Deeply rooted in history and culture, the city of Bath is a modern spectacle of the Georgian era. Declared a World Heritage Site in 1987, Bath attracts millions of visitors each year due its prehistoric monuments, ancient architecture and historical beauty.
Walking around the city, you feel like you’re immersed in a Jane Austen novel or on the set of Downtown Abbey. As you pass the lined buildings made of Bath Stone and fall in love with the quaint, pastel shopfronts, be warned of the unbelievable smell of freshly baked Cornish pasties that will fill your nostrils and make your stomach growl at every corner. From naturally hot Roman Baths to endless picturesque sceneries and prehistoric, stone monuments like Stonehenge, Bath is a step back in time and a refreshing break from modernity. There is certainly not enough time in one weekend to see everything, however here’s a few must-visits while you’re in Bath.
The Roman Baths
Estimated to be constructed around 60-70AD, the Roman Baths are considered one of the greatest monuments of the ancient world and have defined the city of Bath since its construction. Where Romans use to bath and worship the goddess Minerva thousands of years ago, the water that filters into these baths is naturally hot spring water that rises from below the Earth’s crust. An incredible experience to walk across the original pavement that the Romans would’ve walked on and to learn about how the Earth produces these naturally hot springs, the Roman Baths are definitely a must-visit while staying in the historical city.
Be sure to take an ‘free’ audio guide once you’ve purchased your tickets at the entrance as you get great insight about the history and evolution of the baths. If you get an English audio guide, I would recommend listening to some of best-selling travel author, Bill Bryson’s commentary as it offers a unique and personal evaluation of the baths. And, if you dare, have a taste of the baths’ natural spring water at the end of the tour which was historically known to have magical, healing qualities.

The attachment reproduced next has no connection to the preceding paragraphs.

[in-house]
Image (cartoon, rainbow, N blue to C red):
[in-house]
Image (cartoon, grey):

For information on the Roman Baths and accompanying attractions like The Pump Room, please visit www.romanbaths.co.uk.
Once you’ve spent enough time underground, exploring the baths, get some fresh air and take an architectural walkabout around the city of Bath. You don’t have to go far to see buildings made of thousands-of-years-old Bath stone, however particular buildings to take a ‘tourist snap’ of include, Bath Abbey (the Abbey Church of Saint Peter and Saint Paul); The Royal Crescent (a row of 30 terraced houses designed by architect John Wood the Younger and one of the greatest examples of Georgian architecture in the UK); The Circus (another exquisite example of Georgian architecture that is a circular space surrounded by large townhouses); The Assembly Rooms (built in 1771, this function centre became the hub of fashionable society and attracted the likes of Jane Austen and Charles Dickens); and Royal Victoria Park (23 hectares of greenery that encompasses a skate park, tennis courts, bowling green, putting green, golf course, pond, and a child’s play area).
After all the history lessons and hours of walking, you would’ve earned a good feast. While in Bath, I’d recommend you try a pasty from one of the hundreds of Cornish bakeries that line the city’s streets. Delicious, flakey pastry filled with a decadent selection of ingredients from bacon, leek and cheese to pork, apple and Cornish cider, they are a tasty treat that will also warm you up! There are also many quaint tea rooms and coffee shops that will offer you a taste of some of the freshest-baked scones you’ll ever taste! Make sure you get it with clotted cream and jam, and a pot of English Breakfast tea.
While I was there, I also had lunch at Loch Fyne Seafood & Grill. A great choice for good quality and tasty food at a reasonable price, I would recommend anything that is seafood on the menu, particularly the Fish Pie, Whole Lobster, Fish & Chips or Seafood Tagliatelle. With a glass of Prosecco, you cannot go wrong! And, if you’re feeling a little adventurous, try the Haggis and Cheddar Spring Rolls as a starter, they are actually really tasty!!!
Last but certainly not least, Stonehenge is the last must-visit destination on my Bath travel itinerary. It’s a bit of a drive to get to but perfect if you are heading back to London, however it is certainly not something you should miss out on! Built approximately 5,000 years ago, Stonehenge is a circle of stones that was presumed to be erected in the Neolithic period as a burial site. One of the most famous prehistoric monuments in Europe, Stonehenge is engulfed in history and mystery that makes it certainly worth the journey!